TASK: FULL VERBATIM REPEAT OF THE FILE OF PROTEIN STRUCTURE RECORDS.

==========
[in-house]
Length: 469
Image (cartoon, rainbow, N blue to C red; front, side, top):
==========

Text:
[in-house]
Length: 469
Image (cartoon, rainbow, N blue to C red; front, side, top):